Why Students Are Going to Flip for the Flipped Classroom
May 18th, 2012 by Dr. Bruce Johnson
Have you heard? College classrooms are getting flipped. What’s that? It’s an approach to teaching that instructors are using as a means of engaging students in the class and making the learning process more meaningful. And it seems that students who have been able to try out a flipped classroom have discovered that learning comes to life in a new way and now the traditional lecture-based approach seems outdated and ineffective. Let’s find out more. Maybe once you’ve discovered what it is and why it works well you’ll want to be part of the flipped classroom trend.
What is a Flipped Classroom?
In Flipping the Classroom: An Introduction, educator Melissa Venable explains the intent of this instructional methodology: “The flipped classroom approach offers another option – essentially flipping the time and location of these activities, so that students view recorded lectures and read course materials outside of class, then meet to engage in problem solving, discussion, and practical application exercises with their instructor.” The purpose of changing the classroom format is not to entertain or minimize the instructor’s involvement, rather it is meant to strengthen the instructor-to-student working relationships and make the process of learning meaningful.
When college instructors flip a class they assign materials as homework that would normally be utilized during class time for students to digest prior to the class meeting. During the scheduled class time, an emphasis is placed on individual and group learning with immediate feedback provided by the instructor. Educator Dr. Robert Beichner indicates that this approach “frees up the instructor time from what I call the ‘tyranny of content delivery’ because we don’t need to do that anymore,” and instead, instructors “can go around and help students use the materials that they’ve been studying.” Through this approach, instructors move out from behind the podium and discard their formal lectures for direct one-on-one interactions and learning activities. The following video illustrates the underlying approach for use of the flipped classroom concept.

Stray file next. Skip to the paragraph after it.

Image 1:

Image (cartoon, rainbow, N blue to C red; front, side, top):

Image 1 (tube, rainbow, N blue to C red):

As discussed, lectures are transformed into videos and podcasts that students view and listen to outside of the classroom. Instructors may use class time for group work and individual assignments, and in return, students receive responsive constructive criticism and guidance.
One of the reasons why educators have embraced the flipped classroom as an instructional strategy is that it has the potential to promote higher-order learning. Bloom’s taxonomy has been used as a guide for development of learning activities as it ranks cognitive abilities from lower to higher. At the bottom of the taxonomy, or the lower order cognitive skills, are knowledge and comprehension, which means that students are given knowledge or it is transmitted through traditional classroom lectures and then assessed through tools such as written assignments and exams. Students are encouraged to develop and demonstrate use of higher order cognitive skills, which includes application, analysis, synthesis and evaluation, as that’s how knowledge is internalized and moved into long-term memory. This is accomplished when instructors include visual and audio media in the class, along with interactive learning activities.